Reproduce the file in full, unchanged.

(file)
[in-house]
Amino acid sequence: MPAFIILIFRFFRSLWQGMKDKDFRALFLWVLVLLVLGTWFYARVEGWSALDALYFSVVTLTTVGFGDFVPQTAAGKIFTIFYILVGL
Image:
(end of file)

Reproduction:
[in-house]
Amino acid sequence: MPAFIILIFRFFRSLWQGMKDKDFRALFLWVLVLLVLGTWFYARVEGWSALDALYFSVVTLTTVGFGDFVPQTAAGKIFTIFYILVGL
Image: